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Chris Farley and John Candy Quotes: Pundits, fans recall Ziggy Palffy

Ziggy Palffy was a favorite of fans and media alike.

Zigmund Palffy was a character (and probably still is. He's alive and well, but retired, finally.). He arrived on these shores knowing barely any English. He had a mullet and a lethal shot and mesmerizing hands. He made longtime New York hockey scribe Stan Fischler do silly things:


His quote about how he reached the decision to retire at age 41, even after leading the Slovak league in points last season yet again, seems a fitting reflection of the personality fans and media saw:

"One morning is more beautiful than the previous one, and you have other opinions. At this point, I believe that I quit. Definitive. Already I do not want to travel anywhere. Did it enough."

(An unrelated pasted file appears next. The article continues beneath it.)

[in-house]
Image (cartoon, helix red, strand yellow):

That is the "I have a fulfilling life" version of dropping the mic.

Instant Reactions

Here is how a former teammate, a couple of NHL beatwriters, the former Isles PR lead, and some fans from his other NHL team reacted upon hearing of his retirement from hockey:

Told you the dude was loved.

"You know, a lot of people go to college for seven years."

So he liked heavy comedians, is what we're getting at here.

(Yes, it's true. Palffy hailed from a time before there was an Avalanche. And the Isles' minor league affiliate was in Denver. In a league called the IHL. Which was a good league. Butch Goring was the champion coach.)

I see Palffy as an Islander who was ripped from us in a symbol of everything wrong with the franchise's '90s ownership turmoil. But we must acknowledge that he didn't stop wowing fans even after he left the Island:

Palffy's NHL career was bookended almost entirely by the first two lockouts, when he was a household name:

Yes, we're kind of beating our regular readers over the head with Palffy retirement coverage today, but with good reason: The man was an amazing hockey player and a true Islanders star. We can't let that be forgotten just because his Isles tenure ended too soon, his NHL exposure ended after Lockout II, and his exploits occurred mostly before the Internet's viral video age.